Robin Brown is an orphan from Oregon. While visiting a local fair with his large, boisterous, and neglectful foster family, Robin receives a strange carousel ticket from a rotund little man. He rides a pretty red horse, and when he grabs the brass ring, the horse whisks him off into the sky.
Horse and boy land in the Quadling Country of Oz. The carousel horse is now alive and talkative; Robin names her Merry Go Round. They instantly become friends. Soon they are swept up into a gang of monomaniacal foxhunters. Since this is Oz, the horses, dogs, and foxes all talk; they co-operate among themselves in their sport. Robin and Merry spend an uncomfortable two days with the hunt club before they can escape in the night. The two end up at the round and glass-domed city of Roundabout, which is full of rotund little people just like the carousel man. There, Robin is unexpectedly proclaimed king.
Meanwhile, the Munchkin principality of Halidom has reached a crisis. For many centuries, Halidom had been blessed in the possession of three magic gold rings, large, medium, and small, which bestowed strength, wisdom, and skill on the inhabitants. Over the past two generations, though, the large and small rings had been lost. On the day Robin and Merry arrive in Oz, the last ring is stolen. The crown prince, Gules, sets out on a quest to recover the rings; he rides his talking horse, Federigo (Fred for shot), and is accompanied by his page Fess. The National Emblem of Halidom, a unicorn, invites herself along, providing Fess with a mount; and the boy's pet flittermouse, Flitter, rounds out the party.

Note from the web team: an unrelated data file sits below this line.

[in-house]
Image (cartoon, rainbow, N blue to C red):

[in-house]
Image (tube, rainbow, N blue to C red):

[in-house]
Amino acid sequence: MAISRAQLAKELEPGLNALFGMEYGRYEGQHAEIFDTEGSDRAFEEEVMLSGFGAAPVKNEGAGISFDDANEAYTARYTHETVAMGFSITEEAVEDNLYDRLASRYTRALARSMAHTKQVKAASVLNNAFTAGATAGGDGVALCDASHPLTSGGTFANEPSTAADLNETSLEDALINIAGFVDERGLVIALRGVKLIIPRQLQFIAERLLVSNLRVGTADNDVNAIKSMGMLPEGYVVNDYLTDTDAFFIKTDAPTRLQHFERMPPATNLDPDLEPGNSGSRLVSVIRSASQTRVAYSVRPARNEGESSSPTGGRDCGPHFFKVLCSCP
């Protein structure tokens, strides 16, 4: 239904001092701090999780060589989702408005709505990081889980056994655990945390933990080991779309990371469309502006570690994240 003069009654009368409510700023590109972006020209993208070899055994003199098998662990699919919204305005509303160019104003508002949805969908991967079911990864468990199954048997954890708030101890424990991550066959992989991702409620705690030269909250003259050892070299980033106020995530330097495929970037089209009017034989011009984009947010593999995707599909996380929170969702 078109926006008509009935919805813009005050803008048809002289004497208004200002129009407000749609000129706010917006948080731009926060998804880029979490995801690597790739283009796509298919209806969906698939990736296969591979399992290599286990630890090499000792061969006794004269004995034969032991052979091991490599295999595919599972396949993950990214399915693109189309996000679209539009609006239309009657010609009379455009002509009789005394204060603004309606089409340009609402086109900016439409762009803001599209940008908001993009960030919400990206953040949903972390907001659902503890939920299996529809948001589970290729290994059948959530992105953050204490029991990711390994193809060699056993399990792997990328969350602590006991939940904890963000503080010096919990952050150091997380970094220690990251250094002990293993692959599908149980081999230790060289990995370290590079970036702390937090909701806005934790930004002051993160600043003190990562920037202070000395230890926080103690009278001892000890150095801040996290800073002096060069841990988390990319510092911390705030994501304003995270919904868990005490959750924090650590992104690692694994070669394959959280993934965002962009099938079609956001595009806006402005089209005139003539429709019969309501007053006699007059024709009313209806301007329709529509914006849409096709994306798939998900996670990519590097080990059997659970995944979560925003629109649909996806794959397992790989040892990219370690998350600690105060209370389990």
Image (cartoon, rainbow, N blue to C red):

Meanwhile yet again, Princess Ozma and Dorothy Gale are planning a party and egg hunt for Easter. Dorothy, in the company of the Cowardly Lion, goes to the underground domain of the Easter Bunny to place their order for eggs. Afterward, girl and lion blunder into the party from Halidom, and join with them to search for the missing magic rings. In a process that involves the predictions of a crystal ball, they eventually end up in Roundabout to meet Robin and Merry. The searchers locate the large and medium rings in surprising ways; everyone contributes. When Robin realizes that the carousel's "brass ring" in his pocket is the final missing gold ring, the quest is successfully concluded. Ozma, watching their progress in the Magic Picture, joins them to celebrate their triumphant return to Halidom, and to invite Robin and Merry to stay in Oz for good.
Merry Go Round in Oz reveals common features with the books of L. Frank Baum. Bunnyland, the Easter Bunny's realm, recalls Bunnybury in The Emerald City of Oz. Roundabout, a glass-domed city with a retractable drawbridge, resembles the city of the Skeezers in Glinda of Oz.
In the McGraws' collaboration, the mother, Eloise McGraw, did the actual writing; she credited her daughter Lauren Lynn with concepts and story contributions. The elder McGraw was a professional writer for children and the winner of two Newberry Awards; the writing in Merry Go Round in Oz is good, arguably better than anything in the Oz series since Baum. Her characterizations of the graceful Unicorn and the childlike Flitter are noteworthy.
In one respect, though, the McGraws' novel is an anomaly and a disappointment. Baum famously set out to write a new kind of American fairy tale when he created Oz; and the distinctiveness of the result is testament to his success. Merry Go Round in Oz, though, is dominated by Eurocentrism and Anglophilia; in spirit it is more like Baum's Queen Zixi of Ix than like the Oz books. When Robin first arrives in Oz, McGraw describes the land as looking like England; then follow the foxhunters, and the British nannies and pinafored moppets of Good Children's Land, who eat porridge and bread pudding. The story is steeped in feudalism, with kings, princes and knights, quests and jousts, crenelated walls, even a dragon (albeit a small one). The vocabulary is rich with medievalist touches: "trefoils," "quatrefoils," and "cinquefoils" (the flowers the Unicorn eats), "alaunds" and "kanets" (dogs), and "lioncel" for lion. The characters in the McGraws' tale include a unicorn and the Easter Bunny — very conventional choices. The novel is perhaps the least "Ozzy" of the Oz books.
|The final "Famous Forty" Oz books|